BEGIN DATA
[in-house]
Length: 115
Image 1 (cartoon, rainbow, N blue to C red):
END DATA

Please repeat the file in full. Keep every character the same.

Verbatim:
[in-house]
Length: 115
Image 1 (cartoon, rainbow, N blue to C red):